In Your Words, YYC: Where the Wild Things Are
When I think of elements that make Calgary an awesome place to live, wildlife immediately comes to mind. With several natural parks linking the city to the great outdoors, we are blessed to have wild residents and visitors all year round. They traverse the river valleys and ravines, treading timeless trails and tracks, usually in silence and anonymity but sometimes crossing our paths. A walk in Fish Creek Park for example might allow a glimpse of a beaver developing the engineering marvel that is his dam. The tawny shape of a coyote might be seen in March as she hunts for mice. Her pups are nearby, hidden in a well-concealed den. Most times, the grazing Mule Deer are not fazed when I come upon them. They raise their heads and twitch their big trumpet ears, knowing that I am no threat.
On a hill I might see mum skunk with her babies. They have just emerged from their den and they follow her in rolling balls of fur as she shows them around their new environment. Depending on the season, there are many more such sights to enjoy. A fox could streak across your path heading for the creek, or a porcupine might climb a nearby tree searching for berries. The scream of the Red-Tailed Hawk circling effortlessly on the high air currents will not be a surprise. On the other hand, the sight of a black bear making her way towards a clump of berry bushes with a cub trailing behind her is a real bonus. Equally delightful is the loud staccato sound of the Pileated Woodpecker decimating a fallen tree trunk in search of dormant grubs. And I am honoured when I see my Black Capped Chickadee friend fluttering towards me. He alights on my hand. He knows I have sunflower seeds for him.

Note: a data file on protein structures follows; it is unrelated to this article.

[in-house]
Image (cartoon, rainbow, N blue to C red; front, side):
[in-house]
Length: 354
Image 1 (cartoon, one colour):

Calgary has many seasonal avian visitors who travel on the wide flyway that extends all the way from the Arctic to South America. I love to watch them from my window. Once on a cold January day, I saw a magnificent Snowy Owl sitting on one of my garden posts framed by snow-dusted spruce trees. In summer I welcome the Baltimore Oriole but have been unable to locate her hanging nest, one of the finest examples of intricate construction known to Man. I could go on: I marvel at the brilliant blur of the Humming Bird. The lament of the Mourning Dove haunts me, while the song of the Evening Grosbeaks in the high poplar branches lifts my spirits. I chuckle at the incessant chatter of the wren or the noisy quarrelsome energy of the Pine Siskins. I am filled with admiration as I watch the Kildeer crying and feigning injury so pursuers will chase her and not see her defenceless chicks. With such sights to see, there can never be boredom.
I have all this and more in Calgary. Yes, I know there are some that take wildlife for granted. Or worse, fear them or perceive them as threat or nuisance. I, of course, vehemently disagree. Those feathered, furred or scaled creatures are just like me, “caught with ourselves in the net of life and time, fellow prisoners of the splendour and travail of the earth.”
|Max Foran is a professor at the University of Calgary and historian of all things Calgary.|
In Your Words, YYC is a regular CIA feature that allows awesome Calgarians to share their awesome views on our great city.